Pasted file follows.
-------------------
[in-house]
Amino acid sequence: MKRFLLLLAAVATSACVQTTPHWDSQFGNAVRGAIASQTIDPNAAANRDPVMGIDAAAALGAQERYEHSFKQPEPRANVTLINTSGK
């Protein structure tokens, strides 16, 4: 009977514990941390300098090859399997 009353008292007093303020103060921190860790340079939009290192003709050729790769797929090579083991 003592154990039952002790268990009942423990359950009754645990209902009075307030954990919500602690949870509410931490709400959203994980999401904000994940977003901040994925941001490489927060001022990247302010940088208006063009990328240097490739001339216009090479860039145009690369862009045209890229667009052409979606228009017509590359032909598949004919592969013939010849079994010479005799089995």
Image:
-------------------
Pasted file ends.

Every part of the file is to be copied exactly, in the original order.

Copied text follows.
[in-house]
Amino acid sequence: MKRFLLLLAAVATSACVQTTPHWDSQFGNAVRGAIASQTIDPNAAANRDPVMGIDAAAALGAQERYEHSFKQPEPRANVTLINTSGK
């Protein structure tokens, strides 16, 4: 009977514990941390300098090859399997 009353008292007093303020103060921190860790340079939009290192003709050729790769797929090579083991 003592154990039952002790268990009942423990359950009754645990209902009075307030954990919500602690949870509410931490709400959203994980999401904000994940977003901040994925941001490489927060001022990247302010940088208006063009990328240097490739001339216009090479860039145009690369862009045209890229667009052409979606228009017509590359032909598949004919592969013939010849079994010479005799089995």
Image: